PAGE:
Today’s Irish Independent reports that Peter Bacon has delivered his report on bad bank and risk insurance proposals to the Minister for Finance:
The Government has been advised to set up a ‘toxic debt’ company to take over billions of euro worth of bad property loans from the banks.
I’ve written quite a few times about the bad bank proposal and don’t want to repeat myself. Still, it’s worth clarifying a couple of the nuances in the article because it likely illustrates the spin that the government would use to justify such a plan should it be adopted.
First, the article tells us that
Critical to any deal would be that the banks sufficiently write down existing bad loans before transferring them to a new state-operated company. It will be necessary to establish correct valuations for such assets to avoid perceptions of taxpayers having to foot the bill for rescuing the banking system.
The “correct valuation” stuff sounds sensible but, in reality, it’s a red herring. Think about this for a minute. What is the “correct valuation” for these assets if it’s not the value that a private-sector investor would pay? And is there any reason to think that the inherent value of these bad loans would be different to the government than to private investors?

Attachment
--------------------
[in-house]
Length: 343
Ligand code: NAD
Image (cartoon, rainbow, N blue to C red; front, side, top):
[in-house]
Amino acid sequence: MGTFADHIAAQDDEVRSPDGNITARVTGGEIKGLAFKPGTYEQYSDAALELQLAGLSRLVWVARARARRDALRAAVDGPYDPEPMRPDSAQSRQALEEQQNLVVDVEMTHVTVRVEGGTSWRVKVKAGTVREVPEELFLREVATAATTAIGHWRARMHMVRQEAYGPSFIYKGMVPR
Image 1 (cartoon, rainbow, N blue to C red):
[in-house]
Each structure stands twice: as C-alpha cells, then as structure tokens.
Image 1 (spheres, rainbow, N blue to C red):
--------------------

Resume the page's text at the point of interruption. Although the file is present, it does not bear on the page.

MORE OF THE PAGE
Do not be fooled: The raison d’etre of these plans is for the government to pay more for these assets (perhaps a lot more) than private investors are currently willing to pay, i.e. to pay a lot more than they are worth. This could avoid the banks having to be re-capitalised again. With only the taxpayer available to re-capitalise and the market value of the banks being tiny, any further rounds of re-capitalisation would be taking the banks close to or into nationalisation.
Second, we are told that
Most commentators agree that the Government would find it virtually impossible to raise the necessary funding in the international market to buy the banks’ toxic assets. However, one solution being mooted involves the proposed new company issuing government-backed debt to the banks in exchange for these assets.
This sounds almost too easy. Print off some bonds, stick them in the banks and we’re done. Hey presto. It is indeed the case that the government can re-capitalise the banks by printing off some bonds and giving them to the banks in return for impaired assets. It can then set up the ‘toxic debt company’ to sell off the bad assets over time to attempt to come up with as much money as possible to pay off the bonds when they mature.
It should be clear, however, that this scheme will still have implications for the government’s ability to raise funding in international markets in the future. To the extent that the government overpays for these assets, the toxic debt company will come up short of covering the proceeds of the newly-issued bank bonds. This leaves the Irish taxpayer with a (potentially huge) contingent liability.